Broussard suggests that their open door, anything goes policy has created a snowball effect. Because of that, he says, "We've got some amazing people working on this now."

For example, Broussard points out, just sixteen miles away at Rocking Horse Studios in Pittsfield, producer Brian Coombes is busy assembling a team to compose the film's main love song. "Then he mentioned that he's been working with Alex Preston who you may know as one of the almost made it American Idol stars - he offered to write our love song." Not bad for a "low to no" budget film. 

But on the outskirts of Concord, near midnight, a scene unfolds on a stretch of railroad track as Orpheus settles in with a group of drifters by a fire and must listen to song composed by two emissaries from hell.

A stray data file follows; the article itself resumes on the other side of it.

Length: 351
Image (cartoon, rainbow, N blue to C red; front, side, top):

The two emissaries are sisters, Briana and Naomi Nelson - and the song they're singing, Broussard says, has been composed on the spot. "I gave them a few lines from the original Cocteau's Orpheus. Some cryptic little lines and I said here can you make a song out of this?"

Briana Nelson (holding cup) and her sister Naomi (with guitar).
Credit Sean Hurley

 Naomi strums the guitar as her older sister Briana explains their method. "Naomi's been playing guitar a lot longer than I have and she throws riffs together and then I'll put like a melody to it."

As Broussard listens to the song, he can hardly contain his enthusiasm. "The song is so good that we're probably going to use it over the end credits," he says. "So that kind of thing keeps happening. Everybody seem so confident that it's going somewhere that - maybe it will."

Filming on Granite Orpheus will continue in Concord for the rest of the summer. Then, during the many months of editing that follow, Rick Broussard and John Hession will discover whether their long journey into the underworld of movie making results in the rescue of something they love.